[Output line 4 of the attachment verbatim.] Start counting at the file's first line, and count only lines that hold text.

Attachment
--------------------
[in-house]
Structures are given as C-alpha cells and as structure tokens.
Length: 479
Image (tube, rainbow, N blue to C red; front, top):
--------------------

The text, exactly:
Image (tube, rainbow, N blue to C red; front, top):